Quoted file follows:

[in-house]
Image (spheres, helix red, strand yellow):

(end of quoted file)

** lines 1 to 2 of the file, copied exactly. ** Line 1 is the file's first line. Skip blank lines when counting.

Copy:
[in-house]
Image (spheres, helix red, strand yellow):